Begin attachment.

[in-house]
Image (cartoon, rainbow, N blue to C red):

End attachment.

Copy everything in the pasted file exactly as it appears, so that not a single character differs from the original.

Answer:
[in-house]
Image (cartoon, rainbow, N blue to C red):